The tallest players who made a real career at six holes were 6 feet 4 inches tall. This breed of quarterback-bodied shortstop started with Cal Ripken Jr. and has grown a bit in recent years with Corey Seeger and Carlos Correa. Cruz, who weighs 220 pounds, has a lean, lanky build akin to Fernando Tatis Jr., who is 6ft 3in.

When Cruz was even younger and even more awkward, baseball avenue Jarrett Seidler was in a group of scouts trying to predict their future. Understandably, it was difficult to see what it would look like in major tournaments.

“It’s worth noting that Cruz won’t just be the biggest regular shortstop in MLB history, he’s going to be the biggest by a wide margin,” Seidler said this week. “Never been on the list of regular shortstops taller than 6 feet 4 inches. Cruz is 6’7″, which is the same height as Aaron Judge and three inches taller than Seeger, Tatis and Correa. So it’s just completely uncharted waters.”

Back in 2018, Seidler was bullish about Cruz’s chances of landing a shortstop job at big companies, in part because he’s shown such a secure glove and dynamic hand.

“At the time he was in A-ball, the industry expected Cruz to lose significant range as he continued to grow, and indeed, he was 45 pounds heavier than when he signed,” Seidler said. “But it filled up without losing noticeable range or agility.”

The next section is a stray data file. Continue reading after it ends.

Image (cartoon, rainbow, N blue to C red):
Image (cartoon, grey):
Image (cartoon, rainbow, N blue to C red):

Moving it off the shortstop means finding a new position. This, Seidler points out, is not a walk in the park.

Being that tall and playing *any* position other than pitcher, first base or designated hitter might be considered historical, but what’s particularly striking is the paucity of tall players who have made their careers in key positions in the center of the diamond: Catcher, second base , short stop and midfield. Only 18 players 6’5″ or taller have played at least 100 career games in these positions since 1920.

It is noteworthy that of these 18, five active and two more played in the last two seasons.

Even Judge has extended his time in the tougher center field position, playing 31 games there already this season as he enters the AL MVP race.

Part of the calculation here, Seidler points out, comes from advances in defensive positioning that help teams cover more of the field with less-than-stellar defenders. This allows them to maintain squad flexibility and improve their offensive lineups.

Teams have every incentive to play with a potentially great striker like Cruz in the toughest defensive position he can handle. Especially now — after the minor league experiments in the outfield went badly — it’s a shortstop for Cruz.